Issue 2: Winter 2012
In This Issue
Communication Strategies in Frontotemporal Degeneration
Communication relies on our ability to speak and understand what others are saying. Speaking, reading, writing and naming common objects are parts of language that can be lost due to the atrophy of the frontal and temporal lobes of the brain that occurs in FTD. As language declines, care becomes challenging due to the person’s lack of ability to understand and respond which can result in frustration for the resident and the caregiver.
While FTD is a degenerative disease, there is a place for the speech-language pathologist on the team. This service should not only be used for restorative therapy; it can be of great value to maintain language functioning and optimize communication and successful exchanges of information. Training direct caregivers to use suggested interventions is essential for continuity of care
Karl, a 59-year-old male, was diagnosed with FTD at the age of 54. He has a four-year college degree and was always able to articulate well. Karl has been in a care facility for two years. Initially when Karl entered the care facility, he was able to communicate his needs and understand plans for the day. As the disease progressed, the areas of the brain that control language declined; he became non-verbal except for an occasional word or two. As his ability to express and respond to communication changed, issues his care became a challenge. When asked a question, he responded with a blank stare. When staff called his name, he did not act like he heard them and kept walking. Simple requests were not followed, e.g., “It is time for supper” and “let’s get your teeth brushed.” Family became distressed over his lack of ability to express needs such as hunger, thirst or pain.
The team suggested that Karl be evaluated by a speech therapist. The therapist assessed all modalities of language (reading, writing, listening and speech). By using cards that matched function to objects, she determined that his comprehension was better than his expression. She noted that he did much better in a setting where other distractions were minimized. They invited family to observe and showed them that Karl could answer yes/no or limited-choice questions when they were written on paper. Staff learned to take Karl’s hand, get his attention and lead him to the dining area. They realized he needed time to follow a request to sit down due to the delay in processing. He responded to visual and verbal cues when the staff showed him a toothbrush and made a brushing motion. They used an erasable board or paper and pencil to get a response to limited-choice questions. It was stressed that approach, facial expression and tone of voice are all important to communication.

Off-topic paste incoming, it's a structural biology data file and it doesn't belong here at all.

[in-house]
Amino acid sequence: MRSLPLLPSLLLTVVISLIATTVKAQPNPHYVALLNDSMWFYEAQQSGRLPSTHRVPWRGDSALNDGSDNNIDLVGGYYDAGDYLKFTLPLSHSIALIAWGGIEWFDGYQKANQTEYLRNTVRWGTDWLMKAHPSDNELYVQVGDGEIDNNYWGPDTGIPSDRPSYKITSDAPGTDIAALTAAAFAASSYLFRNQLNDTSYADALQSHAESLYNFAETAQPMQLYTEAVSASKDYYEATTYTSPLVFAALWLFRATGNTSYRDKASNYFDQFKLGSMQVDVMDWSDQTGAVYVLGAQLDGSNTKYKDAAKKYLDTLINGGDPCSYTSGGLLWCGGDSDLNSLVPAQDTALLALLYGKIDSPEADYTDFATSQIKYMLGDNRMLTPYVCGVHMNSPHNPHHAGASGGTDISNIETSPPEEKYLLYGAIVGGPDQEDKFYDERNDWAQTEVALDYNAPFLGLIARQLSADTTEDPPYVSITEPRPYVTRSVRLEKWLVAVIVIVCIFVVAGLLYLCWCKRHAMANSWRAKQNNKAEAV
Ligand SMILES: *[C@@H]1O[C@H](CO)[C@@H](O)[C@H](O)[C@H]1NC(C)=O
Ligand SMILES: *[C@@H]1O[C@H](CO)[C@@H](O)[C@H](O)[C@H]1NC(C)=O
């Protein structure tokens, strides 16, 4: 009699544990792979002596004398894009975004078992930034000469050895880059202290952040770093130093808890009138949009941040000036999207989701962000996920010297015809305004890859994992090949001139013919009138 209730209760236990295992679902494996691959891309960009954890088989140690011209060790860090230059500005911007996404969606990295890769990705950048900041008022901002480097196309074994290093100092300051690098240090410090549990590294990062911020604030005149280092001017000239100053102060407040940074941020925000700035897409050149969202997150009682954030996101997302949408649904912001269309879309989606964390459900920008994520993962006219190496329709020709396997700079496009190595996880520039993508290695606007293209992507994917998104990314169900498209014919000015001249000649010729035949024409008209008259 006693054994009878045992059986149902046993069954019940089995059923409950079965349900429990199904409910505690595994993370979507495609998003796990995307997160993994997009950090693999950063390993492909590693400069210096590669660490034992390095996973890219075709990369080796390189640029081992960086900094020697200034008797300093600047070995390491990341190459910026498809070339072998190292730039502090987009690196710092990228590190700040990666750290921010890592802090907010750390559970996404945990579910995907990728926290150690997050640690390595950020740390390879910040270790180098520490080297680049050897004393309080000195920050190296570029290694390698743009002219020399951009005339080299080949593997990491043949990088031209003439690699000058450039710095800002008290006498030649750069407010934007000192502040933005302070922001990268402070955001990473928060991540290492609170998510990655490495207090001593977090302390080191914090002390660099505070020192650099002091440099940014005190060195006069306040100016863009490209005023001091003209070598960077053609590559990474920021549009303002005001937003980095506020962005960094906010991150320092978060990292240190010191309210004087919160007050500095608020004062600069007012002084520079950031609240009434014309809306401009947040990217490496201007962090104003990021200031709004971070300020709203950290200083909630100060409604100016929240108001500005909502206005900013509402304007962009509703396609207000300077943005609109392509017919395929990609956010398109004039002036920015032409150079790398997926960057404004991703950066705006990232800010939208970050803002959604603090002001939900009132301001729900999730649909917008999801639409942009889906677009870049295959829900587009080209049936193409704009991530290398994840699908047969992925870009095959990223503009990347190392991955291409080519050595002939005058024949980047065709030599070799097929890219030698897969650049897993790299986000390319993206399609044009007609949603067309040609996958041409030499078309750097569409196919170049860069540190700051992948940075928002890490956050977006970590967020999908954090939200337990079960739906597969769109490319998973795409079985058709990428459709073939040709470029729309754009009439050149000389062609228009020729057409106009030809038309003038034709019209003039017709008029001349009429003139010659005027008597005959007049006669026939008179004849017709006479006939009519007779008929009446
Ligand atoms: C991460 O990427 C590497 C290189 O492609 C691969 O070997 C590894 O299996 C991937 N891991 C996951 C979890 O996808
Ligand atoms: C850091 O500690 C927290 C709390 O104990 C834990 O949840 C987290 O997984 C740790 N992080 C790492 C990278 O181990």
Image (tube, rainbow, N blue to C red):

These interventions empowered the staff, which was reflected in respect for Karl, improved care and quality of life.
- How does FTD change the person’s ability to express and understand?
- How did speech therapy help to evaluate the current language ability and assist the staff with ideas for care?
- What are some of the communication techniques that were used? Can you suggest others?
- What resources are available for further information?
1. How does FTD change the person’s ability to express and understand?
- People may experience a variety of symptoms related to reception and/or expression of language.
- Problems in the ability to name objects, speak, and write affects expression.
- The capacity to “decode” what others are saying; read and understand written words affects reception.
- Due progressive atrophy in areas of the brain responsible for language, the ability of the resident to communicate will decline. The plan of care has to be adjusted.